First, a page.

At that time, C.S.Jayaraman was living at the Mampalam Madurai Veeran street, I remember. Personally, I was a long time fan of Mr. C.S.Jayaraman’s music. Thus, the opportunity to meet him face to face delighted me.

I was under the impression that Mr. Ramamurthy might have told about me to Jayaraman on phone. Later only, I realized that not much was told to him about me in detail.

‘Come in come in. I was told that our Tiruchi guy will come to see you regarding a concert. Please accept his request, told Ramamurthy. Are you that Tiruchi person?’ asked Jayaraman.

‘Yes sir’ I responded, and agreed to his honorariam request. Then, handed him a cheque for 501 rupees. I told him, ‘Next week, I’ll come to pick you and we travel to Tiruchi in car. Jayaraman told me, accompanists for the concert can be arranged with the Tiruchi radio station.

That I was traveling with Mr. C.S.Jayaraman in the car to Tiruchi was a delight for me.

His songs, ‘Inru Poi NaaLLai Vaarai’ in Sampoorna Ramayanam movie, ‘Arambamavathu Pennukulle in Thanga Padhumai movie were reverberating in my ears in those days. I remember – may be in 1964.

Mr. C. S.Jayaraman was seated in the front seat. He was digesting a full mouth of betel leaf. I was seated in the back seat. Car had passed Chingleputt. Jayaraman was in his mood and was expositing a raga in three speeds. I was listening to it with pleasure, and at one spot uttered ‘Aha- superb’. Suddenly, he stopped singing, and asked,

‘Thambi – do you know music?’ I replied, ‘I can appreciate to a level. But, don’t know the intricacies that much.’ Then, he asked, ‘What was the raga, I sang now?’ I replied, ‘Kamavarthini’. He responded, ‘Bale!’ [good].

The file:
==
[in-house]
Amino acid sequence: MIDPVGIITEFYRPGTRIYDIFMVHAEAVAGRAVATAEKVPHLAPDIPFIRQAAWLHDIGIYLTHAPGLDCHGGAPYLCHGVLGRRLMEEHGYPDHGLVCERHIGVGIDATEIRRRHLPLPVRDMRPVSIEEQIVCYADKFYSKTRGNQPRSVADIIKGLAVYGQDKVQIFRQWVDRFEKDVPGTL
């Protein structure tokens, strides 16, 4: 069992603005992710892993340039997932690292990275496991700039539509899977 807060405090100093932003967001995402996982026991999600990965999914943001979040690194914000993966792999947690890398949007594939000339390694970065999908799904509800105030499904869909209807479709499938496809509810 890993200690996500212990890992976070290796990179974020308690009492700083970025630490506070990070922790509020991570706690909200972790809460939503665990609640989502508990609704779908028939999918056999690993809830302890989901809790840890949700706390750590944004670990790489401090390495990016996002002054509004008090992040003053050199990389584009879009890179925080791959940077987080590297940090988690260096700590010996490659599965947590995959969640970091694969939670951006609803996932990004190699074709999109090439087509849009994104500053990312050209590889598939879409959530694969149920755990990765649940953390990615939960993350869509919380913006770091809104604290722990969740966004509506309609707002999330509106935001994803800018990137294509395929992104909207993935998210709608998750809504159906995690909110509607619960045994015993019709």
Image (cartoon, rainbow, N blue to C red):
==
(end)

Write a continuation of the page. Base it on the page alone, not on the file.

After that, whatever he sang, I recognized the ragas. ‘This is Harikamboji’. ‘This is Nadabhairavi’. ‘This is Hameerkalyani’.

Jayaraman praised me ‘Thambi! You are from Kaveri water region. So, musically gifted, isn’t it?’

We had coffee at a hotel in Madhuranthakam. Then, our music conversation continued.

He told that his father Mr. Sundaram Pillai was the mentor of Embar Vijayaragavachari. Then, he asked me, ‘Thambi, what job you are doing?’

I replied, ‘I’m writing songs’. He was surprised, and turned his body towards me. He asked, ‘Has anyone sung my songs in gramophone records?’ I responded, ‘T.M. Soundararajan and P. Suseela had sung’.

C.S.Jayaraman was curious. ‘Sabash! Sabash! What song T.M. Soundararajan had sung? Please sing that to me.’

So, I sang, Mr. T.M.Soundararajan’s songs written by me – ‘Karpanai enraalum’, ‘Oraru muham’, and Mr. P.B. Srinivas’s song ‘Isaiyaal ethuvum vasiyamahum’.

Jayaraman was so appreciative. He told,

‘Thambi, your compositions are superb. I have already heard the songs you had said now. But, I didn’t know that you were the author of these songs. He didn’t allow me to talk, and continued,

‘Thambi, you have a good gift to write songs. Words flow easily. Meanings are also fine. If you attempt to write in cinema, you will become well known’.

And I interrupted. ‘Anne –’. But, he didn’t allow me to speak.

‘Thambi, I understand what you are coming to say. You have doubt that who will acknowledge your songs in cinema. You don’t need to worry. Your skill is superb. These days, there are guys who have entered cinema, who write worse’. After saying this, he stuffed another betel leaf in his mouth, and said,